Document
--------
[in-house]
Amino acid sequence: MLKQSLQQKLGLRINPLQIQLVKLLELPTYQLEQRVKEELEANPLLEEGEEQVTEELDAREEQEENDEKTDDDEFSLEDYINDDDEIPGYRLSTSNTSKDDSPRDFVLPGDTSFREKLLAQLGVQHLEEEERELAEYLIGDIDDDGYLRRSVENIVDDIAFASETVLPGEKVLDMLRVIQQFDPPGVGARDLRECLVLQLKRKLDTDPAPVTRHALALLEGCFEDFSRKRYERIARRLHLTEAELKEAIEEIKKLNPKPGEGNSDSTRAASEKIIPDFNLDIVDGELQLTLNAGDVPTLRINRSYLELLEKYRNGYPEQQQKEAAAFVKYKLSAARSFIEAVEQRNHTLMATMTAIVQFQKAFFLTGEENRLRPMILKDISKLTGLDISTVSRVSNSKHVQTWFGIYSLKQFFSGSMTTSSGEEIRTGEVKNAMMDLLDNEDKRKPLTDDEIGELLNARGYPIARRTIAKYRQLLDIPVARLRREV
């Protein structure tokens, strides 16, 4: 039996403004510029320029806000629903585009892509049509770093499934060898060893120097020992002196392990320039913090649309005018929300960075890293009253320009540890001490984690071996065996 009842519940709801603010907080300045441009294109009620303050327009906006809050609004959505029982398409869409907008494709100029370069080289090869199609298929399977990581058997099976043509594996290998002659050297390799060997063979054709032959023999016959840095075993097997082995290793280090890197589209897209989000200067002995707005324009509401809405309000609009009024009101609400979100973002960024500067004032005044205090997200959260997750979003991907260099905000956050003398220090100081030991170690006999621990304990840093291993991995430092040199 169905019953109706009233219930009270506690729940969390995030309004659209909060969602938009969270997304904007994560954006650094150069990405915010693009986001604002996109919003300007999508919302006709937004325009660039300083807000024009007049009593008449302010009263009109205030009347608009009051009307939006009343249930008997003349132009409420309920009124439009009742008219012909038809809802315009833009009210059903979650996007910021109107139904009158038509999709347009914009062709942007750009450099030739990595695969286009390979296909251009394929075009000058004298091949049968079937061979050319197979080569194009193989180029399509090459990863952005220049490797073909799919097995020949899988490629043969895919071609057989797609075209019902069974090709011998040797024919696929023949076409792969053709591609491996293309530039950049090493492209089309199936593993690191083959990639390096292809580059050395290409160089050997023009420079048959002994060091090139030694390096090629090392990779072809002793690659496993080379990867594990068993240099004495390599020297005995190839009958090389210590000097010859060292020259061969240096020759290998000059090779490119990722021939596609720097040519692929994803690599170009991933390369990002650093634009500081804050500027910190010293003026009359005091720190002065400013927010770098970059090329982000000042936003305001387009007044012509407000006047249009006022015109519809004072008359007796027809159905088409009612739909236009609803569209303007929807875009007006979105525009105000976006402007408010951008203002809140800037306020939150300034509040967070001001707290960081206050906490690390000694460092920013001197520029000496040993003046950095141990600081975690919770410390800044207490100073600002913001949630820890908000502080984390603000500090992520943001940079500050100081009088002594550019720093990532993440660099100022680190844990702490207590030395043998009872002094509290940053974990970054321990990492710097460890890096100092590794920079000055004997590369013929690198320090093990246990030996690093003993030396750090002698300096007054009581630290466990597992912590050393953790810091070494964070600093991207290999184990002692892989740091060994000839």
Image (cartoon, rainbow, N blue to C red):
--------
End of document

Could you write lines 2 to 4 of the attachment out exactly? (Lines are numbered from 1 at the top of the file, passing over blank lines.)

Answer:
Amino acid sequence: MLKQSLQQKLGLRINPLQIQLVKLLELPTYQLEQRVKEELEANPLLEEGEEQVTEELDAREEQEENDEKTDDDEFSLEDYINDDDEIPGYRLSTSNTSKDDSPRDFVLPGDTSFREKLLAQLGVQHLEEEERELAEYLIGDIDDDGYLRRSVENIVDDIAFASETVLPGEKVLDMLRVIQQFDPPGVGARDLRECLVLQLKRKLDTDPAPVTRHALALLEGCFEDFSRKRYERIARRLHLTEAELKEAIEEIKKLNPKPGEGNSDSTRAASEKIIPDFNLDIVDGELQLTLNAGDVPTLRINRSYLELLEKYRNGYPEQQQKEAAAFVKYKLSAARSFIEAVEQRNHTLMATMTAIVQFQKAFFLTGEENRLRPMILKDISKLTGLDISTVSRVSNSKHVQTWFGIYSLKQFFSGSMTTSSGEEIRTGEVKNAMMDLLDNEDKRKPLTDDEIGELLNARGYPIARRTIAKYRQLLDIPVARLRREV
């Protein structure tokens, strides 16, 4: 039996403004510029320029806000629903585009892509049509770093499934060898060893120097020992002196392990320039913090649309005018929300960075890293009253320009540890001490984690071996065996 009842519940709801603010907080300045441009294109009620303050327009906006809050609004959505029982398409869409907008494709100029370069080289090869199609298929399977990581058997099976043509594996290998002659050297390799060997063979054709032959023999016959840095075993097997082995290793280090890197589209897209989000200067002995707005324009509401809405309000609009009024009101609400979100973002960024500067004032005044205090997200959260997750979003991907260099905000956050003398220090100081030991170690006999621990304990840093291993991995430092040199 169905019953109706009233219930009270506690729940969390995030309004659209909060969602938009969270997304904007994560954006650094150069990405915010693009986001604002996109919003300007999508919302006709937004325009660039300083807000024009007049009593008449302010009263009109205030009347608009009051009307939006009343249930008997003349132009409420309920009124439009009742008219012909038809809802315009833009009210059903979650996007910021109107139904009158038509999709347009914009062709942007750009450099030739990595695969286009390979296909251009394929075009000058004298091949049968079937061979050319197979080569194009193989180029399509090459990863952005220049490797073909799919097995020949899988490629043969895919071609057989797609075209019902069974090709011998040797024919696929023949076409792969053709591609491996293309530039950049090493492209089309199936593993690191083959990639390096292809580059050395290409160089050997023009420079048959002994060091090139030694390096090629090392990779072809002793690659496993080379990867594990068993240099004495390599020297005995190839009958090389210590000097010859060292020259061969240096020759290998000059090779490119990722021939596609720097040519692929994803690599170009991933390369990002650093634009500081804050500027910190010293003026009359005091720190002065400013927010770098970059090329982000000042936003305001387009007044012509407000006047249009006022015109519809004072008359007796027809159905088409009612739909236009609803569209303007929807875009007006979105525009105000976006402007408010951008203002809140800037306020939150300034509040967070001001707290960081206050906490690390000694460092920013001197520029000496040993003046950095141990600081975690919770410390800044207490100073600002913001949630820890908000502080984390603000500090992520943001940079500050100081009088002594550019720093990532993440660099100022680190844990702490207590030395043998009872002094509290940053974990970054321990990492710097460890890096100092590794920079000055004997590369013929690198320090093990246990030996690093003993030396750090002698300096007054009581630290466990597992912590050393953790810091070494964070600093991207290999184990002692892989740091060994000839």
Image (cartoon, rainbow, N blue to C red):